Developing a Research Question
It's absolutely essential to develop a research question that you're interested in or care about in order to focus your research and your paper (unless, of course, your instructor gives you a very specific assignment). For example, researching a broad topic such as "business management" is difficult since there may be hundreds of sources on all aspects of business management. On the other hand, a focused question such as "What are the pros and cons of Japanese management style?" is easier to research and can be covered more fully and in more depth.
How do you develop a usable research question? Choose an appropriate topic or issue for your research, one that actually can be researched (Exercise 1). Then list all of the questions that you'd like answered yourself. Choose the best question, one that is neither too broad nor too narrow. Sometimes the number of sources you find will help you discover whether your research question is too broad, too narrow, or okay?
If you know a lot about the topic, you can develop a research question based on your own knowledge. If you feel you don't know much about the topic, think again. For example, if you're assigned a research topic on an issue confronting the ancient Babylonian family, remember, by virtue of your own family life, you already know a great deal about family issues. Once you determine what you do know, then you're ready to do some general reading in a textbook or encyclopedia in order to develop a usable research question.
It's a good idea to evaluate your research question before completing the research exercise (Exercise 3) and to ask the writing tutor for feedback on your research question. And you also should check your research question with your course tutor.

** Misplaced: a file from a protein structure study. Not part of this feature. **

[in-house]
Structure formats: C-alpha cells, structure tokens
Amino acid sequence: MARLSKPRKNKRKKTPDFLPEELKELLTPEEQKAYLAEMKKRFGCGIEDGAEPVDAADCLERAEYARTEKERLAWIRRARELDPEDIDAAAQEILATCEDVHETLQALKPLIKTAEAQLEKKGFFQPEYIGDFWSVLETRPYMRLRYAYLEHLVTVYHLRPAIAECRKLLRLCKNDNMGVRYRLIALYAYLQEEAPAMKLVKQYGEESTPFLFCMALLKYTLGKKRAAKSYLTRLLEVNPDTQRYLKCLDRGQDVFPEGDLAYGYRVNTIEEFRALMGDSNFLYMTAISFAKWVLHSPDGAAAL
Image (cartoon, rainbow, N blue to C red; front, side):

A topic is what the essay or research paper is about. It provides a focus for the writing. Of course, the major topic can be broken down into its components or smaller pieces (e.g., the major topic of nuclear waste disposal may be broken down into medical, economic, and environmental concerns). But the important thing to remember is that you should stick with just one major topic per essay or research paper in order to have a coherent piece of writing.
An issue is a concept upon which you can take a stand. While "nuclear waste" is a topic, "safe and economic disposal of nuclear waste" is an issue, or a "point of discussion, debate, or dispute" (American Heritage Dictionary).
Choose a Question that is Neither Too Broad or Too Narrow
For example, if you choose juvenile delinquency (a topic that can be researched), you might ask the following questions:
- What is the 1994 rate of juvenile delinquency in the U.S.?
- What can we do to reduce juvenile delinquency in the U.S.?
- Does education play a role in reducing juvenile delinquents' return to crime?
Once you complete your list, review your questions in order to choose a usable one that is neither too broad nor too narrow. In this case, the best research question is "c." Question "a" is too narrow, since it can be answered with a simple statistic. Question "b" is too broad; it implies that the researcher will cover many tactics for reducing juvenile delinquency that could be used throughout the country. Question "c," on the other hand, is focused enough to research in some depth. (Exercise 2)